The UK’s macroeconomic battleground to come – Simon Wren-Lewis – Mainly Macro

English: East entrance of HM Treasury Français...

English: East entrance of HM Treasury Français : Entrée Est de HM Treasury (Photo credit: Wikipedia)

This is an EXCELLENT READ from Oxford economist, Simon Wren-Lewis. Check it out!

mainly macro: The UK’s macroeconomic battleground to come.

Like Wren-Lewis, I too believe that UK Chancellor, George Osborne‘s economic forecasts are not sustainable. The plans are based upon too much austerity and policies across government have been short-term and reactive, not holistic or strategic, against a vision. Wren-Lewis cites the evidence of the much respected Institute of Fiscal Studies. For another excellent analysis of the macroeconomic battleground see the research published by the Fabian Society entitled Fabian Society – 2030 – Vision.

What has truly amazed me over the last three years that I have been blogging is the extent to which politicians have ignored evidence, in favor of short-term political advantage, based upon ideology. David Cameron’s Government has been like a political butterfly jumping from flower to flower.

The Conservative Party Central Office seems to be dominated by whites from privileged backgrounds with elitist education, drawn from their sponsors, the top 1%. Paradoxically, they have deliberately targeted gays and ethnic minorities, ignoring traditional Middle-class Tory voters.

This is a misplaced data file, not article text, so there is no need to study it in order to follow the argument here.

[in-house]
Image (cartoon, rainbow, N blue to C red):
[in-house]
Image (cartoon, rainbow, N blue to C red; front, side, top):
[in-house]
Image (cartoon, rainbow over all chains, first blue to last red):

Let me turn this to an open question:

What will the Millennials want from the UK’s next government?

Any thoughts?

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Immigration: The Polish paradox | The Economist

European Union

European Union (Photo credit: Wikipedia)

This is a good article from the Economist, looking at Polish immigration into UK. Check it out!

via Immigration: The Polish paradox | The Economist.

Personally, I believe that the EU’s policy of free migration across Europe is good for Europe economically. It encourages greater competition and drives down inflation in labor costs. My own experience of Poles, Bulgarians and Rumanians is that they are prepared to work very hard indeed and are willing to take jobs that the indigenous population regard as beneath them.

It will be the millennials across Europe who will feel the greatest competition from the Bulgarians & Romanians, following the lifting of EU immigration restrictions in January, 2014.

How should responsible Governments respond to the political and social pressures of immigration? Any thoughts?

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